As a Machinist Mate on Albany, Hutches must assist in preserving and repairing the boat at an organizational and intermediate level. He maintains damage control equipment and systems, internal combustion diesel engines and diesel engine support systems, hydraulic systems, atmosphere control and oxygen-generating equipment, refrigeration systems, compressed air and gas systems, potable water system, seawater systems, and sanitary and plumbing systems. All of this is done before volunteering as a diver with the submarine. 

Hutches has done several dives on Albany. In an already small community, he feels diving builds a great deal of camaraderie between the submariners on the boat because they know the level of effort it takes to make it through dive school and the risks each dive can present. 

Diving on a submarine can be a disorienting experience. Traditionally, when scuba divers descend underwater, they swim horizontal to the sea floor. The experience can be serene, mysterious and even eerie. Blue seas darken as sunlight refracts less in deeper water. In some instances, just 30 meters of depth can look pitch black to the eye. Diving from a submarine is no different, however, on a submarine a diver could swim in any positioning during an inspection. 

“Diving on a submarine is really exciting because you don’t have a lot of orientation,” Hutches said as he diagramed the positioning with his hands. “Sometimes you’ll be hanging upside down, sometimes you’re vertical, and sometimes you could have no clue which direction you’re facing at all. It’s really free form as compared to other forms of diving.”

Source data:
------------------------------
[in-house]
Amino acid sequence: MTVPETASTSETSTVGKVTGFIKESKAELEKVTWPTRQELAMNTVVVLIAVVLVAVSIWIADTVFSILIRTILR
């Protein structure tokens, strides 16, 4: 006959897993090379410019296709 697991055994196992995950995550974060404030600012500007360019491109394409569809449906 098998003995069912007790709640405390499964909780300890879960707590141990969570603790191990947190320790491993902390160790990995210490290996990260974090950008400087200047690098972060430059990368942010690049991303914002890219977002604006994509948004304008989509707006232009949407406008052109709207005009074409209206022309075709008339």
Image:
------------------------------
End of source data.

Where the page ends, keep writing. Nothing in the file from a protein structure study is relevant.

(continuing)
Following the seams of a submarine that is more than 360 ft. long, Hutches says diving along the Albany in Norfolk, Va., adds an additional challenge. 

“Diving here is interesting. The visibility in the water is so low that you just have to have a feel for where markers are when inspecting or cleaning the sub.”

USS Albany was launched on June 13, 1987, and commissioned on April 7, 1990. It is the 43rd Los Angeles-class attack submarine built by the Navy, and is part of a class of submarine that forms the backbone of the U.S. Navy’s submarine force. With 41 Los Angeles-class attack submarines still in service, this class contains more nuclear submarines than any other class in the world. 

Living and working on the submarine can be challenging; but working under the water can be even more unforgiving. For the Sailors who navigate under the waves, not just on top of them, the notoriety that comes after diving from a U.S. Navy submarine is well worth the difficult training offered at NDSTC.

 

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For more news from Commander, Submarine Forces, visit www.navy.mil/local/sublant/.

 
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Faces of the Deep
190627-N-ON977-1012 NORFOLK, Va. (June 27, 2019) U.S. Navy Petty Officer 2nd Class Nathan Hutches, a Machinist Mate (Auxiliary) from Palm Coast, Fl., is serving aboard the USS Albany (SSN 753), a Los Angeles-class attack submarine based out of Norfolk, Virginia. Submariners are some of the most highly trained and skilled people in the Navy. As a Machinist Mate aboard Albany, Hutches is responsible for damage control equipment and systems, internal combustion diesel engines and diesel engine support systems, hydraulic systems, atmosphere control and oxygen-generating equipment, refrigeration systems, compressed air and gas systems, potable water system, seawater systems, and sanitary and plumbing systems. All of this is done before volunteering as a diver with the submarine. (U.S. Navy photo by Mass Communication Specialist 2nd Class Alfred A. Coffield)
July 2, 2019